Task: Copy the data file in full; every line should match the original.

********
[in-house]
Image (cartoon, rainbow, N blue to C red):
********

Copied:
[in-house]
Image (cartoon, rainbow, N blue to C red):